He had been under tremendous pressure to change his lineups and tactics and had been admonished by everyone from Pele to his own mother. He was even booed during introductions today. But Parreira stuck to his plan, and Brazil finished with the largest goal differential, with 11 goals scored and only 3 allowed.
"Our mission has been accomplished," Parreira said in a terse post-game news conference. "Again, Brazil is the No. 1 team in the world."
In today's taut if inelegant final, Brazil faced a familiar tactic. Italy compressed its defense like the bellows of an accordion, and Brazil could not penetrate for a goal. Given the limit of two substitutions, Sacchi took a huge risk in starting Baggio and Baresi, but both endured the entire game, even with cramps. Baresi and Paoli Maldini, especially, made Italy's defensive wall impervious to the runs of the Brazilian forwards Romario and Bebeto.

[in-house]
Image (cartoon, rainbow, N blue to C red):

Brazil's game became invigorated in overtime with the insertion of Viola, a forward who had not played a minute previously, but it could not score. The match moved to penalty kicks and the goalkeepers, Taffarel and Pagliuca, hugged and walked upfield together. Taffarel plays professionally in Italy, and he and Pagliuca are friends.
"We told each other that whatever team was predestined would win it," Taffarel said.
Baresi went first for Italy and chipped his shot high. Then Pagliuca snuffed a shot by Marcio Santos of Brazil. Both teams made a pair of kicks, then Massaro telegraphed a shot into the right corner of the net and Taffarel slid to his left to stop it. Dunga put Brazil up by 3-2, and it was Baggio's turn. A goal would force Brazil to take its final, pressure-packed kick. A miss would give the title to Brazil. Earlier, Baggio had wheeled atop the penalty area and left a shot high. He did the same thing again, with the world watching and the World Cup on the line.
"There is a lot of luck involved in penalty kicks," Taffarel said. "I try to place all the responsibility on the kicker. Nobody likes to arrive at a penalty-kick decision. Italy must be frustrated. They were so near a title and didn't get it."